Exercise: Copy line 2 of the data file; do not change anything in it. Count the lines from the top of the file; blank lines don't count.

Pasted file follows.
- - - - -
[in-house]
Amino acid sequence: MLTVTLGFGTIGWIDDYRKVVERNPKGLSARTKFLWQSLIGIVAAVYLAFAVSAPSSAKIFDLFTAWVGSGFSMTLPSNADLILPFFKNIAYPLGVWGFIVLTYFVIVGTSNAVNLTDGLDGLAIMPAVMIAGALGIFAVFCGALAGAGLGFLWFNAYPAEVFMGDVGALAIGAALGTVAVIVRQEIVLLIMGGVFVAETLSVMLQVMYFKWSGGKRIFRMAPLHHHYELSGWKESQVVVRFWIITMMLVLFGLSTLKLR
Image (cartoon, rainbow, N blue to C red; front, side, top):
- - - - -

Amino acid sequence: MLTVTLGFGTIGWIDDYRKVVERNPKGLSARTKFLWQSLIGIVAAVYLAFAVSAPSSAKIFDLFTAWVGSGFSMTLPSNADLILPFFKNIAYPLGVWGFIVLTYFVIVGTSNAVNLTDGLDGLAIMPAVMIAGALGIFAVFCGALAGAGLGFLWFNAYPAEVFMGDVGALAIGAALGTVAVIVRQEIVLLIMGGVFVAETLSVMLQVMYFKWSGGKRIFRMAPLHHHYELSGWKESQVVVRFWIITMMLVLFGLSTLKLR